1) THE CRIMSON KIMONO (1959)

No other non-Asian probably did more to advance three-dimensional portrayals of Asians and Asian Americans in Hollywood than director Samuel Fuller and nowhere else did he do it as well than in this gritty, crime noir set against the backdrop of L.A.’s Little TokyoJames Shigeta and Glenn Corbett are best friends and LAPD detectives investigating the death of a stripper. Beautiful Victoria Shaw is the witness who steals the hearts of both men; creating a racially tinged tension in their friendship for the first time. Since this is a Hollywood movie where an Asian American man and a white man both vie for the same white woman, it’s obvious who’ll win in the end, right? Well, luckily, this is Fuller who never did the obvious. Shaw realizes she loves Shigeta and the two even share a passionate and controversial (at the time of its release) kiss in the middle of the Little Tokyo Nisei Week parade.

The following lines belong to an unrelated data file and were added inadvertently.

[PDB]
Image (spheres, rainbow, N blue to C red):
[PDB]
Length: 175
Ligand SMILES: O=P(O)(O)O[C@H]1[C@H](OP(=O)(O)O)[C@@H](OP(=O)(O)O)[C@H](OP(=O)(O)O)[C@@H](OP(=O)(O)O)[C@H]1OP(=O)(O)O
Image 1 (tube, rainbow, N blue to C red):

2) HAROLD AND KUMAR ESCAPE FROM GUANTANAMO BAY (2008)

John Cho and Kal Penn are back in this hilarious sequel to Harold and Kumar Go To White Castle as the titular stoners who are mistaken for terrorists and find themselves on the run. The plot may be kicked off when the two friends embark on a plane trip so Cho’s Harold can track down and win the love of his hot neighbor Paula Garces, but Cho isn’t the only one to have a love interest this time around. Penn must also stop the impending wedding of former flame Danneel Harris who is engaged to rich douchebag Eric Winter. Not only do both dudes win their respective girls, but they also get to romp around the magical city of Amsterdam in the process. Some guys have all the luck.

3) FLOWER DRUM SONG (1961)